Indigenous people are victims of climate change’s impacts and can be agents of change. Last week, UN Climate Change High-Level Champion for COP28, Razan Al Mubarak, and COP28 Director-General and Special Representative, Ambassador Majid Al Suwaidi, during their visit to the United Nations Headquarters in New York, stressed the importance of closer collaboration with indigenous communities in driving solutions to the climate crisis at the 22nd Session United Nations Permanent Forum on Indigenous Issues.
Al Mubarak, who is also the President of the International Union for Conservation of Nature, during her keynote address, said that there was a need for the inclusion of the indigenous people as “full partners” and include them in the decision-making processes that affect their lands, health, resources and way of life.
“The Paris Agreement states that climate change is a common concern for all humankind, and when taking action to address climate change, the rights of Indigenous peoples should be respected, promoted, and enacted,” she said.
“It is imperative that we work together to ensure the implementation of the UN Declaration on the Rights of Indigenous Peoples as we seek solutions to solve the climate crisis,” Al Mubarak added.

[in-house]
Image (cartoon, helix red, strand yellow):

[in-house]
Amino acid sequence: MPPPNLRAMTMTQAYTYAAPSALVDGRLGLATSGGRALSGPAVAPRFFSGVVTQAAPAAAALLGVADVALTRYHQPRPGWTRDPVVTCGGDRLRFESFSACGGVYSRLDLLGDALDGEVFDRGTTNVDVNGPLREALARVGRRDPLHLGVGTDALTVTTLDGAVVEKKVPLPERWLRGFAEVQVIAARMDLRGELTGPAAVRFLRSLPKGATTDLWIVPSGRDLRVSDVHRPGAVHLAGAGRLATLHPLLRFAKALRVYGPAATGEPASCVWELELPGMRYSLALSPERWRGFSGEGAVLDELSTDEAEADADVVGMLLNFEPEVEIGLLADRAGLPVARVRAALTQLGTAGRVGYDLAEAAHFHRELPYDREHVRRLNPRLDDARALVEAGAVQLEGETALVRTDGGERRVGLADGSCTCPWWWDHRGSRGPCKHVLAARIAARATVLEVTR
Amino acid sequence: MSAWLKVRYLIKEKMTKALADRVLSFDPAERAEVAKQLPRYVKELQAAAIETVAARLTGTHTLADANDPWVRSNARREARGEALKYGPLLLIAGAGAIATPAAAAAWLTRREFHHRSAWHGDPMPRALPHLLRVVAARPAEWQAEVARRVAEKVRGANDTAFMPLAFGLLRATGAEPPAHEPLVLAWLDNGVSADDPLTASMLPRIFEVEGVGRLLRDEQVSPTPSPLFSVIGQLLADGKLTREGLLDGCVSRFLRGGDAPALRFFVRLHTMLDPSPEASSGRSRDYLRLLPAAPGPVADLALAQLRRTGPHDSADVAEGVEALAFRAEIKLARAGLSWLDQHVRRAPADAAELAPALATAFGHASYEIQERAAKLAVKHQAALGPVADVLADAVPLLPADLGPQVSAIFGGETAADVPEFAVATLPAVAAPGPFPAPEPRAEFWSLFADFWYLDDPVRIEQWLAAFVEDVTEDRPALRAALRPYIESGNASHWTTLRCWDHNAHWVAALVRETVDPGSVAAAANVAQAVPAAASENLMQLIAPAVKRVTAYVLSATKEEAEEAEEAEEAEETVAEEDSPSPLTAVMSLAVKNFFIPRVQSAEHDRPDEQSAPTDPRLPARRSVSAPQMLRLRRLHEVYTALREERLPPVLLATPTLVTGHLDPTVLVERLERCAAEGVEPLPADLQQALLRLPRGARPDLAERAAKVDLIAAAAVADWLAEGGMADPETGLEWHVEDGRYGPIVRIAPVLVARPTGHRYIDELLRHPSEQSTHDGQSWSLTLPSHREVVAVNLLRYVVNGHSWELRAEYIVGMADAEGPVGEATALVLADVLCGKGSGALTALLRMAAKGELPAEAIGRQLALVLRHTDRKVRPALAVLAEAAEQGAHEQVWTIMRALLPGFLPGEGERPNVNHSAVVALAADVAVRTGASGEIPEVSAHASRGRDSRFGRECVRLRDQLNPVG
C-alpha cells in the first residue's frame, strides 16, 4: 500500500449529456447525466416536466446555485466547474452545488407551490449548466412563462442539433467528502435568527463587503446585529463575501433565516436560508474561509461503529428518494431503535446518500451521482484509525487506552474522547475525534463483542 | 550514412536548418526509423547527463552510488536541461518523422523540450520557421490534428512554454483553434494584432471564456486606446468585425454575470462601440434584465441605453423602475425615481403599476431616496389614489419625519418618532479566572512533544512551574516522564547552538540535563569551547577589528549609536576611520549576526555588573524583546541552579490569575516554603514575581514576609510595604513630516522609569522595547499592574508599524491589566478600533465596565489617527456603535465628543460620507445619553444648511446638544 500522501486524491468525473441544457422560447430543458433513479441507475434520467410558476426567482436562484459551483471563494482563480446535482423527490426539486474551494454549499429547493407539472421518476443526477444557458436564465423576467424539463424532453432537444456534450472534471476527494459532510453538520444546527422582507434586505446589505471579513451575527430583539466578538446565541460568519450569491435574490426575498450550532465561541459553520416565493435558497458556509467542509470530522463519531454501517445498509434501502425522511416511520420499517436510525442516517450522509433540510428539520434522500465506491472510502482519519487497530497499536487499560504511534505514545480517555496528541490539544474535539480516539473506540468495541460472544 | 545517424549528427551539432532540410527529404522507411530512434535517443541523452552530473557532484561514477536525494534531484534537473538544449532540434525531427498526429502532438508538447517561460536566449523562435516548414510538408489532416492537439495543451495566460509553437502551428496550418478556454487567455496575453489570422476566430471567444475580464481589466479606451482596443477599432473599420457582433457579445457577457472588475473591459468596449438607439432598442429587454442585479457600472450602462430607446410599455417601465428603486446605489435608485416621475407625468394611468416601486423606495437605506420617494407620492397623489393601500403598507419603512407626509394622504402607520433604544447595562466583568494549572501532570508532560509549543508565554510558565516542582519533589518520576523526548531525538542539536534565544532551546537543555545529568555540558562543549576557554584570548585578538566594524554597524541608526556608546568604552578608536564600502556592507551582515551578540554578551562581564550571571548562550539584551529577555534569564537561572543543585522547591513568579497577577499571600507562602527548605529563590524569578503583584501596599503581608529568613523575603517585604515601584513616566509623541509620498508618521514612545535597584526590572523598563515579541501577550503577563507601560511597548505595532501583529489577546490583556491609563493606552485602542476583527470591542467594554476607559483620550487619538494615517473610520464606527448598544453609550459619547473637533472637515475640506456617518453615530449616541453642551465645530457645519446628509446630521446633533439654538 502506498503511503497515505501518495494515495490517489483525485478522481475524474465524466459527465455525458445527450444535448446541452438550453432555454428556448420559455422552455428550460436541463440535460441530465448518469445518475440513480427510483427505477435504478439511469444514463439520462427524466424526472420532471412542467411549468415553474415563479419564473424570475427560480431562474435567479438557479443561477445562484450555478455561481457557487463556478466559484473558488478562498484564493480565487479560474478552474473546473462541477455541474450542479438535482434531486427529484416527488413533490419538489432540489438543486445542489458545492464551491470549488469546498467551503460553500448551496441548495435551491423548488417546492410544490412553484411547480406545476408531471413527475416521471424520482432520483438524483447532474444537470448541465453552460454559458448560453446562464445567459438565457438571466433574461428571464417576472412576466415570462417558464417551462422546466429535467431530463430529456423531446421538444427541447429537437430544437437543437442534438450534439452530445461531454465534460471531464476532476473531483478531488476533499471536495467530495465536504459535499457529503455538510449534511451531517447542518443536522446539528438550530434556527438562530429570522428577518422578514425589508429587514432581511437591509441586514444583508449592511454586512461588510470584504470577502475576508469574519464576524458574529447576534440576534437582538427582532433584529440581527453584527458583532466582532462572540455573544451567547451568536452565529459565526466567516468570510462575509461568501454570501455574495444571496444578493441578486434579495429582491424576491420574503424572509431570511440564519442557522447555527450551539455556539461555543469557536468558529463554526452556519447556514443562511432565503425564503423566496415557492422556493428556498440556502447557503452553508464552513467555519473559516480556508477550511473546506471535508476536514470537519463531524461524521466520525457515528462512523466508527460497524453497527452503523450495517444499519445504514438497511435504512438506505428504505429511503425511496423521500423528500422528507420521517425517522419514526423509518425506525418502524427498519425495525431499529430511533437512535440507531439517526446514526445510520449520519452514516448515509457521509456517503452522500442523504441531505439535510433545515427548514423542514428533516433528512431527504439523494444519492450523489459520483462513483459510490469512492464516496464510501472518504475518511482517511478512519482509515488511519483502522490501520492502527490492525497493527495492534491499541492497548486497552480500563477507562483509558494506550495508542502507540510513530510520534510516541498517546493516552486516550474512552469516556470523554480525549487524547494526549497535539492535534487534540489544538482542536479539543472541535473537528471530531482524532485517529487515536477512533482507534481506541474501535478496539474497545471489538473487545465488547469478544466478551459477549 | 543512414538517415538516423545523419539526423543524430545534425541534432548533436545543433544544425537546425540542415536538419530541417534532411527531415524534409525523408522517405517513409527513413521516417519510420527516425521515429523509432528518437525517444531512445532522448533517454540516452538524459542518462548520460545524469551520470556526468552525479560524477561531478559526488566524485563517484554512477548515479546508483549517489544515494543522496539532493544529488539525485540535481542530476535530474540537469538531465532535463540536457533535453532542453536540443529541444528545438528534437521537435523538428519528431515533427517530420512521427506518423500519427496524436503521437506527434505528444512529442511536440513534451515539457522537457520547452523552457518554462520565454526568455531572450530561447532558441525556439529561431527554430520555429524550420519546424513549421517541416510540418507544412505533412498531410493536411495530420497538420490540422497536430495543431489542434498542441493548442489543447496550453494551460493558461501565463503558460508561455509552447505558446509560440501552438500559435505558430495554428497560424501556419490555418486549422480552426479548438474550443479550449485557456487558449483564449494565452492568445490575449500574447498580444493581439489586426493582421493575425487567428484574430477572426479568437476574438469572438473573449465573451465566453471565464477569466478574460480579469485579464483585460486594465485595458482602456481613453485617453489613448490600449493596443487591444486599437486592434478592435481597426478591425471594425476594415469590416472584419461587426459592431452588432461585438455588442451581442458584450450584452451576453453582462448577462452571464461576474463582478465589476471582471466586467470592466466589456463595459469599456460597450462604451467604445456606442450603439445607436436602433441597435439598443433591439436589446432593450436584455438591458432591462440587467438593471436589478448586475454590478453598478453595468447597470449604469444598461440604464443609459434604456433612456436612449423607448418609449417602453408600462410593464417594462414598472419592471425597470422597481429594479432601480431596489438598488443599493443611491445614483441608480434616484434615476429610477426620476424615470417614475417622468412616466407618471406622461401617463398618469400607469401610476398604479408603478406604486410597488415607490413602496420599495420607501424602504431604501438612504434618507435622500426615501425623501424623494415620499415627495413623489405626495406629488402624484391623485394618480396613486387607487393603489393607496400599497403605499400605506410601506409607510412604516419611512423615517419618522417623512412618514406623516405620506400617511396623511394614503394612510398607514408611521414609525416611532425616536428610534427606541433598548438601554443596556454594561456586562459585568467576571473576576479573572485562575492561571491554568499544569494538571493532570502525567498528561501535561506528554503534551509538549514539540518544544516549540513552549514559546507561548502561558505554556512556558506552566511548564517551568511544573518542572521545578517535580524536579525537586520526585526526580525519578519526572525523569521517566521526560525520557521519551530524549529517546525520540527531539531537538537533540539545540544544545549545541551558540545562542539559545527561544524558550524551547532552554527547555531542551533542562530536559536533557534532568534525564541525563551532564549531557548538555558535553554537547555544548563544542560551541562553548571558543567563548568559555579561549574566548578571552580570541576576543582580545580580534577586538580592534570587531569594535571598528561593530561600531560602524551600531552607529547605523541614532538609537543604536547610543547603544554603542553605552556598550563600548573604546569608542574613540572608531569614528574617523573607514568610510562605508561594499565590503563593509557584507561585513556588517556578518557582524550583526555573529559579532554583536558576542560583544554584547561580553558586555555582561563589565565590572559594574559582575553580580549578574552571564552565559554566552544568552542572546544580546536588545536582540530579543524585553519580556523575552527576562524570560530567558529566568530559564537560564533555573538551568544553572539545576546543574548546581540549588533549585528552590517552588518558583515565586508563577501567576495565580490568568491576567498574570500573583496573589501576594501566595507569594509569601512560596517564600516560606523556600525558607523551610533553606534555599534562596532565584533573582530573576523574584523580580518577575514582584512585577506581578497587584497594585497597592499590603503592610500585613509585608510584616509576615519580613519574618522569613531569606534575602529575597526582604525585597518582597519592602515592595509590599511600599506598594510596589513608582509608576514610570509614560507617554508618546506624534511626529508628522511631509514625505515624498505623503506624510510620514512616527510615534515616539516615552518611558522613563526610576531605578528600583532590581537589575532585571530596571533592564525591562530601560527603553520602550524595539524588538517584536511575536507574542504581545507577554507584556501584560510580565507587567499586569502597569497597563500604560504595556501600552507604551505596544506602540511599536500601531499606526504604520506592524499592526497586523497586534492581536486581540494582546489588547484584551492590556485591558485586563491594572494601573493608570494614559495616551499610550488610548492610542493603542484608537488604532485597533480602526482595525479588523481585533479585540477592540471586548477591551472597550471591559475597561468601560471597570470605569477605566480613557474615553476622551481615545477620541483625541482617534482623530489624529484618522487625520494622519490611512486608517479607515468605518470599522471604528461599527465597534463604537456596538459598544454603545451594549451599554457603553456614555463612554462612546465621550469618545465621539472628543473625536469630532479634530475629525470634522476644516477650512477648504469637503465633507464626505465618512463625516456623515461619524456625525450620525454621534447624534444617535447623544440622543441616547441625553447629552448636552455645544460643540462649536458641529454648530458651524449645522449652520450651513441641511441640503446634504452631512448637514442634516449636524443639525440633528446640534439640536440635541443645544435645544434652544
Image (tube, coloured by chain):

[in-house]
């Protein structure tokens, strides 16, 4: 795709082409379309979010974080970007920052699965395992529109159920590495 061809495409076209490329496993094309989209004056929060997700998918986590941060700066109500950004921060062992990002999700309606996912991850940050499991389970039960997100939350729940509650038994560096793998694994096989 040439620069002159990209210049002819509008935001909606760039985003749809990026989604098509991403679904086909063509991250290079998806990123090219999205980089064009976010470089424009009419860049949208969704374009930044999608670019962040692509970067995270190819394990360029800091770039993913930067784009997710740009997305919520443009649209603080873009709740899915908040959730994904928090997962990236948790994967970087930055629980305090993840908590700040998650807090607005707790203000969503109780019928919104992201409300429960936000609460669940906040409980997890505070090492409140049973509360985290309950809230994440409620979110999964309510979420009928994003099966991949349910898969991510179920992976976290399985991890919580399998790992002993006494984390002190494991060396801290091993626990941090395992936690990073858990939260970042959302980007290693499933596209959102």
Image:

Al Mubarak also emphasized the importance of using the traditional knowledge of the indigenous people in the fight against climate change and referred to the Intergovernmental Panel on Climate Change, the Glasgow Climate Pact, and the Kunming-Montreal Global Biodiversity Framework for the same while also recognizing the numerous contributions made by the Indigenous peoples in achieving sustainable development and protecting the environment and biodiversity.
In their respective engagements, both members of the COP28 leadership team reiterated the UAE’s commitment to closer collaboration with indigenous communities in driving solutions to the climate crisis.
“As a UN Climate Change Champion, I am committed to partnering with you to support your efforts and to promote solutions from indigenous peoples to solve the climate crisis,” said Al Mubarak.
Briefing the representatives of the Group of 77 + China, Al Suwaidi spoke about the potential areas of cooperation and highlighted the UAE’s dedication to working closely with developing countries in the Global South for an all-inclusive COP28 in Dubai later this year.
The two delegates also met and engaged with young people, women, indigenous groups, business leaders, civil society groups, and city and sub-state governments, emphasizing the critical role that indigenous youth can play in building climate resilience and safeguarding against the impacts of climate change.
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